You could wait 3 years. 33 is the age Jesus is supposed to have been when he died, so you could probably find some weird stuff related to that.
posted by Lovecraft In Brooklyn at 10:21 PM on April 27, 2011

This is an awesome idea. It's a birthday gift you'll both be talking about for years to come. I say "Go for it!".

Can I add one: 30 Hershey kisses in a cellophane bag.
posted by marsha56 at 1:12 AM on April 28, 2011

I received 30 lottery tickets. None of them were winners. Not one, not even for two dollars or something. With every loss after the first few it was comical - but by the twentieth, in front of everyone, I grew more bitter as I would rather have just had a nice enough bottle of wine. I realize no one can really know how that's going to pan out - but it's been a dozen years and I'm obviously still not over it.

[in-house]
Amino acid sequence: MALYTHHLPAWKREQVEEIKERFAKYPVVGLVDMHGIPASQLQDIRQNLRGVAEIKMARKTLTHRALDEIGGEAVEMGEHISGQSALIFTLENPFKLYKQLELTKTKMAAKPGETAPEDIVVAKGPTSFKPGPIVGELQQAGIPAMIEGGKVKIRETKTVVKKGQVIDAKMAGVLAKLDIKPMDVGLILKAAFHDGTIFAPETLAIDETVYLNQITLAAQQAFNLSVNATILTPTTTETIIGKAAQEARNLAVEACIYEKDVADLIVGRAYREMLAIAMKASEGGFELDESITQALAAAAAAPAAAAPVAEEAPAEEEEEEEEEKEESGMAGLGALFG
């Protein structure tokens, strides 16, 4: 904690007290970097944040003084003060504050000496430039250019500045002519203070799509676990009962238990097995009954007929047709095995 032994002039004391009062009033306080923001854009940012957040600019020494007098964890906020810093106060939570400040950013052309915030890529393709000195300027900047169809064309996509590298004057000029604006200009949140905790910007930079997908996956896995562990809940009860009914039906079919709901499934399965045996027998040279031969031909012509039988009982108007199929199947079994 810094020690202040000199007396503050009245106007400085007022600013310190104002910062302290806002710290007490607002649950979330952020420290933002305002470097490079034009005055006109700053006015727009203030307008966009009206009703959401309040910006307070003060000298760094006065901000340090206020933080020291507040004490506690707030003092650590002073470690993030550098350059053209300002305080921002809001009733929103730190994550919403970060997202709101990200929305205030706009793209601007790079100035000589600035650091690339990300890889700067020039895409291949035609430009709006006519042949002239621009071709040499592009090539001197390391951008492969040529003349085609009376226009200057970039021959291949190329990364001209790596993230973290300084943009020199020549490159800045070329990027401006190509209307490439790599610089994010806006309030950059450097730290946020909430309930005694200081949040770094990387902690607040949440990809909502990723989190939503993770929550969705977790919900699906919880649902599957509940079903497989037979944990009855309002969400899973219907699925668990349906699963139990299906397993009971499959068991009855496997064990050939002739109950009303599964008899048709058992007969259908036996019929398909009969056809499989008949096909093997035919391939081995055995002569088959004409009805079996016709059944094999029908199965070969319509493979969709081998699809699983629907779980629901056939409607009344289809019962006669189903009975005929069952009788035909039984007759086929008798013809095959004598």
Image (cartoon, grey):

posted by peagood at 7:13 AM on April 28, 2011

A $30 bottle of wine might not be cool - as others have said, the value of a gift isn't why you should be choosing it - but how about a 30 year old whiskey?

The drawback - this is expensive. I looked into it for my SO's 30th and it was beyond my pricerange. I did get him some nice whiskey, but it hasn't been finished yet because he feels it's too nice to drink. Admittedly, this would also put me off opening a bottle of expensive wine.

I think you have to consider: what would he want? Some people like novelty tat, others don't. Some like vouchers, others see them as less fun. And you could end up like a former flatmate of mine, whose auntie bought her twenty one non-matching candlesticks for her 21st.
posted by mippy at 7:52 AM on April 28, 2011